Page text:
Conventional echocardiography increases accuracy of pre-participation sports screening

Published on December 14, 2013 at 8:38 AM · No Comments

Conventional echocardiography is simple, accurate and cost effective

Echocardiography with conventional M-mode and 2D modalities is a simple and cost effective way to increases the accuracy of pre-participation sports screening, according to research presented at EuroEcho-Imaging 2013 by Dr Alexander Kisko from Presov, Slovakia.

EuroEcho-Imaging 2013 is the official annual meeting of the European Association of Cardiovascular Imaging (EACVI), a registered branch of the European Society of Cardiology (ESC). It takes place during 11-14 December in Istanbul, Turkey, at the Istanbul Lutfi Kırdar Convention & Exhibition Centre (ICEC).

Dr Kisko said: "Trained athletes are generally considered the healthiest people in society, seemingly invulnerable and often capable of extraordinary physical achievement. Their unexpected death during training or competition is a tragic event that assumes a high public profile and continues to have a considerable impact on the general public and the medical community."

He added: "The first historically recorded sports-related death was in courier-runner Pheidippides (530 BC-490 BC). Recent publicised deaths have occurred in 30-year-old Claire Squires, who was competing in the London Marathon on 22 April 2012, Piermario Morosini, an Italian football striker who died aged 25 due to cardiac arrest during the match almost a week earlier, and Michael Michalevitch, 29, who died suddenly while participating in the Tel-Aviv marathon on 15 March 2013.

Dr Kisko continued: "Sudden cardiac death (SCD) in young and apparently healthy athletes has long been considered rare but there is evidence that deaths occur as often as once every three days.A These deaths are usually caused by undiagnosed cardiovascular abnormalities but diagnostic screening is considered too expensive and is delivered sporadically. The medical community must become more involved in reducing the incidence and prevalence of SCD through an improved pre-participation screening process."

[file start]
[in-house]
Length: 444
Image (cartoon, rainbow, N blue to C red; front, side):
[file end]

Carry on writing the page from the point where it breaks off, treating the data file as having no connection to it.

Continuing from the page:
The "ideal" pre-participation screening (PPS) protocol in sports is cost-effective, has high diagnostic accuracy and is feasible in large populations. The European PPS protocol consists of personal and family history, physical examination and 12-lead electrocardiogram (ECG). There is controversy over whether adding echocardiography (ECHO) to the protocol increases the accuracy of screening and is cost-effective.

In the current pilot study, 500 healthy athletes aged 16-32 years (average age 21 - 5 years) including 446 males and 54 females (8:1) participating in sports like football, athletics, handball, cycling, basketball and gymnastics were examined in 2011-2013. All athletes were screened according to the European PPS protocol. Cardiovascular abnormalities were not detected in any of the athletes.

Conventional ECHO exams (M-mode and 2D modalities) were performed in all athletes. Cardiovascular abnormalities were found in 14 cases (2.8%). Seven (1.4%) had mitral valve prolapse (hemodynamically significant in 1 case), 3 (0.6%) had bicuspid aortic valve (significant aortic stenosis in 1 case) and 4 (0.8%) had myocarditis, myocardial bridging, noncompaction of the left ventricle or coronary artery fistula.

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